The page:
Motorola’s ROKR iTunes mobile phone’s “whole music-playing portion has been beautifully done; it’s a joy to use. When you’re ready for some tunes, you press a dedicated musical-note button – and boom, you’re looking at the familiar iPod main menu… You navigate and operate it exactly as on a real iPod. The album cover of the current song even appears on the 176-by-200-pixel color screen… [ROKR] packs a lot more power than you might expect. Battery life is excellent: one charge gives you 6 to 9 hours of talk time, 160 to 230 hours of standby time or 15 hours of music playback with the earbuds on,” David Pogue reports for The New York Times.
“The phone is loaded with other useful features. It takes above-average cellphone photos or even short video clips. You can voice-dial up to 100 numbers (that is, say “call Mom” to have it call Mom). The phone’s Bluetooth transmitter lets you use wireless headsets, although you can’t transfer music wirelessly. The built-in stereo speakers handle speakerphone calls, and also sound surprisingly good playing music when you don’t feel like using the earbuds,” Pogue reports. “In fact, the entire phone shudders in time to the music, as though driven by a gnat-size subwoofer… And speaking of good, goofy gimmicks aimed straight at the hearts of the under-25 set: you can set up the phone’s edges to pulse with colored, neon-style lights. It’s not just a random pattern; they actually blink in response to (and in sync with) sound, like the dorm room stereo’s bass.”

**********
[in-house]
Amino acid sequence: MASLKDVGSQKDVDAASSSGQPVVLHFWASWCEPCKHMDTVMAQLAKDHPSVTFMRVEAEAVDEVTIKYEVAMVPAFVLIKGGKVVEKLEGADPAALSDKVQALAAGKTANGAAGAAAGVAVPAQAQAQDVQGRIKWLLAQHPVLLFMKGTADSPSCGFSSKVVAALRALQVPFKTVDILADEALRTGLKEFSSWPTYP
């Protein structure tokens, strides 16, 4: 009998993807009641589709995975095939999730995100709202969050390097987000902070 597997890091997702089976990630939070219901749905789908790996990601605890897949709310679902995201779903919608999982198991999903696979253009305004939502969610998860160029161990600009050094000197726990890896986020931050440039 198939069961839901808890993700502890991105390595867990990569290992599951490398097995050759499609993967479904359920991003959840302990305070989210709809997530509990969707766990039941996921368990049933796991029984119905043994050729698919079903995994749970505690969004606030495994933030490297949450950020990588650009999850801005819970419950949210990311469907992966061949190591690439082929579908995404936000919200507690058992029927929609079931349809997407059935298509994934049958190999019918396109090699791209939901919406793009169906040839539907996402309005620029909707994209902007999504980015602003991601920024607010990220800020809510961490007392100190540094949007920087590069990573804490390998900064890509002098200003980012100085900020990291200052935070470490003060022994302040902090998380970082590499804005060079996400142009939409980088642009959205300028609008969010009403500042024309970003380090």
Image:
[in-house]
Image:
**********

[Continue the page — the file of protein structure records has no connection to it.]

Pogue reports , “On the downside, the Rokr’s phone functions use the same software design as Motorola’s Razr phone, which is, ahem, not nearly as universally adored as the Razr’s physical design… If you’re looking for an iPod phone, in other words, the Rokr isn’t it; it stands no chance of living up to the hyperventilating hype of the last few weeks. But as an iTunes phone – the only one on earth that lets you carry subsets of your Apple store-bought music on errands and other short missions – the Rokr is great-sounding, reasonably priced and a lot of fun.”
Full article with much more information about the ROKR here.
Pogue also has a video report where he uses the ROKR here (Windows Media Player or Real Player required).
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